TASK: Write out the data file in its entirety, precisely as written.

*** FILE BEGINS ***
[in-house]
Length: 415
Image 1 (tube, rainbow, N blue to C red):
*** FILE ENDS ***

[in-house]
Length: 415
Image 1 (tube, rainbow, N blue to C red):